Timing plays a critical role in nutrient consumption both during and post exercise. To better define the critical role of nutrient timing during extended exercise, researchers conducted a well-controlled protocol using runners on a treadmill. The subjects were divided into two groups. One group consumed 5 grams of carbohydrate every five minutes for 75 minutes. The second received a single feeding after 75 minutes. The study was cross-over in design which means both groups received both treatments.
Regardless of whether the subjects consumed carbohydrate every five minutes or after 75 minutes, there was a benefit versus consuming no carbohydrate. However there was a difference between the two feeding schedules. Subjects that received the smaller but more frequent carbohydrate feedings demonstrated a greater glycogen sparing effect which translated into greater endurance performance.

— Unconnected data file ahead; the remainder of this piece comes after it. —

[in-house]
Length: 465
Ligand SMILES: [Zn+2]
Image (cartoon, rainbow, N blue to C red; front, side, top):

The key takeaway is you should start your carbohydrate feedings (or better yet carbohydrate/protein feedings) as early into your exercise as possible. Second, you can’t compensate by simply taking in a large amount of carbohydrate in the later stages of your exercise. By that time you’ve already significantly depleted your muscle glycogen stores.